I suspect that the point made in the posting is essentially valid, which is why we're seeing things like CaBi. I can imagine a smart guy like Gabe Klein sitting in a meeting with his staff. They are desperate to add capacity to the transportation system. The throw around ideas about new roads, bridges, tunnels, trains, buses. For every idea, the cost is in the billions and the timetable is in years if not decades. (Except for the Circulator bus, but that's done and you can't do it again.) Then someone talks about walking and biking and the timetable is months and the cost is millions, not billions.

Think about this: imagine having the task of finding a 2% capacity increase in the transportation system. That could mean about 20 new lane-miles of roads for DC and about 10,000 new parking spaces. Or it could mean adding two more Metro stations and a couple miles of track. Or it could mean doubling the number of people cycling. I'll admit that no one knows exactly how to do that, but it's not going to cost billions of dollars. If transportation were my job I'd be throwing down paint for bike lanes too.

"To a certain extent CaBi is a free-rider on the current road network, but what's really happening is we're monetizing an underused asset. No one counts that as a cost. Not in business. Not in government. No one."

Monetizing an underused asset is a good idea. But sometimes building infrastructure is necessary: bridges, separated bike lanes, etc. When a new road is built, there is no reason to arbitrarily decide that it is part of the "cost" of automobile infrastructure but not part of the "cost" of bike infrastructure, as if only roads only existed for cars. Let's say we banned cars in central DC. Surely at that point, necessary repairs to roads, sidewalks, and bridges would need to considered as part of the cost of the bicycling/pedestrian infrastructure.

But if you want to move somewhere without paved roads and set up a bikesharing system, be my guest.

As for what the true cost of CaBi is, I have no idea, but I agree that it is much cheaper per rider-mile than the ICC. I would suggest, however, that at the very least we should consider a share of the cost of bike lanes. This should include not just the cost of barriers and markings, but the cost of maintaining the road surface devoted to cycling.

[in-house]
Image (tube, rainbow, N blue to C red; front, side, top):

But this isn't a comparison of the cost of bicycle/pedestrian infrastructure to car infrastructure. I don't understand why CaBi has to carry the cost of the entire bike lane system as a "cost".

I think you're making the mistake of reading into this an argument that we don't need infrastructure. I recognize we need highways and bridges. But the cost of the ICC really is an automobile infrastructure cost, since right now they're the only ones using it.

This is more a response to those who would argue that CaBi is too expensive. Expensive compared to what? I would ask. Compared to the ICC?


I understand and agree with the general point, but you're comparing very different kinds of things: the cost of building road infrastructure and the cost of implementing a system for sharing vehicles (which still have to use road infrastructure). Either you need to take the cost of the road infrastructure into account (by considering not the totality, but rather CaBi's *share* of the bike lane costs) or you're really comparing apples and oranges. It doesn't really mean anything to say that CaBi is cheaper "per ride" than the ICC if you're talking about different kinds of costs. It's cheaper for me to buy a Starbucks in the morning when I drive to work than it is for me to buy a Metro ticket, but the coffee is only a small part of the cost of my drive.

Excellent post.

Left out are the costs of the cars, the roads connecting to the ICC and a little gas and insurance.

guez, We didn't have CaBi. Then we spent $5M. Then we did have CaBi.

We didn't have an ICC. We'll spend $2.5B. Then we will have an ICC.

That's kind of the definition of cost right?

Wash, what you're describing is pretty much a textbook description of marginal utility and marginal cost -- which is the proper way to look at it. Sunk costs don't matter because they're sunk.

Since our transportation system is pretty much built out the marginal cost of adding new capacity is sky-high -- except for cycling and walking.

I agree with the conclusion, but a stronger comparison would be passenger-miles, not just passengers.

Even then, you are giving an unfair advantage to CaBi because you are not taking into account time spent traveling per mile (e.g., 1/2 hour out of a person's day has the opp. cost of $x).

"Wash, what you're describing is pretty much a textbook description of marginal utility and marginal cost -- which is the proper way to look at it. Sunk costs don't matter because they're sunk."

Yes, I agree.

(same anon)

FWIW, I agree with Wash that miles simply don't matter. Since I decided to drive less, I've dropped my total miles (car plus bike) from about 14000 five years ago to less than 7000 last year. The result has been an increase, rather than decrease, in my quality of life. Trips matter, miles don't.

+1 on Jonathan's post.

Since I started bike commuting I also reduced my total miles significantly. All while having more fun...